Medicaments By Prescription

At times of illness, the temptation to skip the visit to a doctor and recover with the help of medicines bought over the counter is great. Often, this works well enough - especially for common everyday ailments - but it is not safe to indulge in this habit for more serious cases.

The medicines a doctor gives you to manage pain, treat or cure a health condition such as diabetes, pain, cancer, mental disease or common infections, are licensed and have gone through a stringent testing process. They cannot be obtained from a chemist without producing a doctor's prescription.

The safety of prescription medicaments in the US is ensured and overseen by the federal Prescription Drug Marketing Act of 1987. The FDA (The Food and Drug Administration) is authorized to implement this law.

The FDA does not regulate herbal preparations, vitamins, minerals and food supplements - which fall under the category of over-the-counter drugs or OTC, and can be bought without a prescription.

Often, a much lower strength of a drug is sold as an OTC, while the higher strengths require a prescription to be obtained. People taking OTC drugs should be careful about the possible negative effects and also of the reactions these medicines have to the prescription drugs they may be taking.

For a Medical Practitioner to have the authority to write out a prescription, he or she must be an MD, DO, PA, OD, DPM,   DVM, DDS or DMD. Some Psychologists and Nurse Practitioners too can write prescriptions - but basic level registered nurses, medical assistants, clinical nurse specialists, nurse anaesthetists, nurse midwives, emergency medical technicians, psychologists and social workers are not authorized to do so.

Prescription medicaments are referred to as "Rx" in the US. It is the short form of the Latin "recipiere", meaning "take thus". Patients should strictly follow the dosage and method of taking prescription medicaments as directed by a doctor. Abusing these medicaments, meaning having too many of them at a time, or combining them with left over medicines from another time or another prescription can lead to serious detriment to health.

Prescription medicaments are also known as "legend drugs" in the US after the "legend" or literature inserted in the package. This legend is nothing but description of the drug's constituents, details of what the drug is intended for, how it works on the body, how it should be taken and in what dosage, what its side effects can be and what precautions should be taken for possible allergies to it, etc.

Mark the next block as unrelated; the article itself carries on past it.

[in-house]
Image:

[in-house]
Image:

The FDA has made it mandatory that all prescription medicaments, to be allowed to be sold by chemists and pharmacies, must carry this legend.

In Europe, dispensation of prescription medicines include a PIL, or Patient Information Leaflet, which has a detailed description of the medicament.

OTC medicaments are considered safer for self medication because they are used to treat conditions not necessarily requiring the services of a health care professional. Prescription medicaments on the other hand, though they help sufferers to control their symptoms, treat and cure their diseases, control pain and fight infection - are habit forming - and unsafe for use except under a doctor's supervision.

Painkillers such as OxyContin and Vicodin for example are prescription medicaments which are habit-forming like heroin and impact the same areas of the brain. They must not be taken without a doctor's direction.

Between 1995 and 2005, treatment admission for dependence on prescription painkillers grew more than 300% in the US , proving the contention that abuse of prescription medicaments before the age of 16 leads to greater medicament dependence in later life.

The most frequently prescribed medicaments are:

Doctors can legally prescribe medicaments for uses other than those approved by the FDA. This is called 'off- label' use - but drug companies may not promote and market the drugs for these uses.

With the consciousness towards public health and safety, a keen awareness permeates the whole business of disease and medicaments in the present times. Patients now are in a better position than they were ever before of obtaining a cure or a palliation.